Do us a flavour: A minority report?


I’m gradually starting to tackle my backlog of blog posts.

Walker's Do Us a Flavour Campaign

Walker's Do Us a Flavour Campaign

A couple of weeks ago Walker’s announced the winner of their excellent ‘Do Us A Flavour’ campaign.

Some related thoughts:

– The campaign was generally very well executed, with thousands of suggested flavours and over one million votes from consumers. An example of a marketing campaign that clearly fits the Brand Ignition model.

– The result failed to achieve a winner with a significant winning margin. The product voted first place (Builder’s Breakfast) is only around 1% ahead of the second flavour (Onion Bhaji). In turn, this was only around half of 1% ahead of the third place (Fish & Chips). What’s more, the winner only secured 21.5% of the total vote. Meaning nearly 80% of consumers who voted didn’t think the winner deserved to win. Not a convincing victory then perhaps?

– Should Walker’s have committed to only producing the short-listed flavours for a limited period, until the vote winner was found? At which point only the winning product will become a part of the Walker’s product range, while the others are cancelled. Perhaps it would have been shrewd to let the other flavours be used in the future, as there is bound to have been some audience and regional bias, as well as tactical opportunities for these. Walker’s website states that while it’s tough, the other flavours will disappear.

– If you were a competitor to Walker’s, would you release versions of the second and third place products that lost out by such narrow margins?

– There has been no mention of how the votes compare to sales of the competing products. I wonder if people voted in line with their purchasing habit? Of course some people probably tried several flavours, possibly repeatedly. But did the vote winner also win on sales, preferably by a more convincing margin?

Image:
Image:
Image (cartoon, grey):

Here’s the results and some PR blurb from Walker’s:

The “Do us a flavour” campaign kicked off in July 2008, when Walkers challenged the public to invent a crisp flavour. More than 1.2 million people responded.

The six finalist flavours were selected from a consumer competition by the chief judge Heston Blumenthal and a panel of judges from Walkers. All six were put on sale in January this year.

Walkers expected 250,000 entries when the campaign was announced to create a new flavour crisp back in July 2008, but since the website launched it has seen a total of 2.4m sessions, with visitors spending an average of nine minutes online per session. At its peak in August 2008, the website had 102,000 web sessions per day.

The winner, Builder’s Breakfast flavour, was announced on May 2 2009. They receive £50,000 and 1% of future sales.

Votes for 6 Do Us A Flavour competitors:
• Builder’s Breakfast – 232,336
• Onion Bhaji – 221,032
• Fish & Chips – 218,270
• Crispy Duck & Hoisin – 176,184
• Cajun Squirrel – 116,777
• Chilli & Chocolate – 114,775

The PR blurb:

Emma Rushin, Creator of the Builder’s Breakfast crisp flavour said:

“I’m thrilled to have won! Tensions were high especially towards the end of campaigning; I really had no idea what way the public vote would go. I’m so proud to have my flavour crisps continue to be on sale across the UK and Ireland, it’ll be fun to see people buying them with their lunch or snacking on them on their way home from work! I am ever so grateful for the public’s support and all their votes. It’s wonderful to know so many people love Builder’s Breakfast too!”

James Stillman, Head of Flavour Development for Walkers added:

“We were overwhelmed by the fantastic response to ‘Do us a Flavour’. We’d like to thank everyone who got involved, either by suggesting a flavour or by voting for their favourite. But there could be only one winner and we’d like to congratulate Emma on her success today. We’re confident that Builder’s Breakfast will make a great addition to the Walkers family.”

Heston Blumenthal, Celebrity Chef and Chief Judge in deciding the finalist flavours for the “Do us a Flavour” competition concluded:

“Our taste buds are changing and developing, as new flavours and foods become readily available in the UK and Ireland. Everyone has their favourite flavours but lately people are becoming keen to experiment and try new foods. The six final flavours in the competition are a clear representation of the diversity in tastes amongst the public and also the growing desire to pair traditional and non-traditional flavours. Let’s hope that Builder’s Breakfast is the first of many different and unusual crisp flavours to come from Walkers, to keep this nation, hungry for crisps, satisfied!”

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